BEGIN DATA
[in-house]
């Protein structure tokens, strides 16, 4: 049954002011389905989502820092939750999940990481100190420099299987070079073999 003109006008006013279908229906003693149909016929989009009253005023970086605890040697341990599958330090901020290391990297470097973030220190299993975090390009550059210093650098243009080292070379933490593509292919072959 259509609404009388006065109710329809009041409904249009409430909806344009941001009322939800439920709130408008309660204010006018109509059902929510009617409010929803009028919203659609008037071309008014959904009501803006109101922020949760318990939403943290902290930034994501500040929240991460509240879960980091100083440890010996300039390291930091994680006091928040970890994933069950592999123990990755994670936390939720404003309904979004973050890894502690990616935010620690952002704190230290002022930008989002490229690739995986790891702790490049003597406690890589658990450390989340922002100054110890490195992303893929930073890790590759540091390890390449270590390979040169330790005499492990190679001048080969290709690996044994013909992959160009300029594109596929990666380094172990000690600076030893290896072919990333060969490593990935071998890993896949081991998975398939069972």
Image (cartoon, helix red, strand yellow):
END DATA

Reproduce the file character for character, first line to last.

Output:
[in-house]
């Protein structure tokens, strides 16, 4: 049954002011389905989502820092939750999940990481100190420099299987070079073999 003109006008006013279908229906003693149909016929989009009253005023970086605890040697341990599958330090901020290391990297470097973030220190299993975090390009550059210093650098243009080292070379933490593509292919072959 259509609404009388006065109710329809009041409904249009409430909806344009941001009322939800439920709130408008309660204010006018109509059902929510009617409010929803009028919203659609008037071309008014959904009501803006109101922020949760318990939403943290902290930034994501500040929240991460509240879960980091100083440890010996300039390291930091994680006091928040970890994933069950592999123990990755994670936390939720404003309904979004973050890894502690990616935010620690952002704190230290002022930008989002490229690739995986790891702790490049003597406690890589658990450390989340922002100054110890490195992303893929930073890790590759540091390890390449270590390979040169330790005499492990190679001048080969290709690996044994013909992959160009300029594109596929990666380094172990000690600076030893290896072919990333060969490593990935071998890993896949081991998975398939069972």
Image (cartoon, helix red, strand yellow):